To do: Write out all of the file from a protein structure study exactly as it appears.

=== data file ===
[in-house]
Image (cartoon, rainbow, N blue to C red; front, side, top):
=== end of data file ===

[in-house]
Image (cartoon, rainbow, N blue to C red; front, side, top):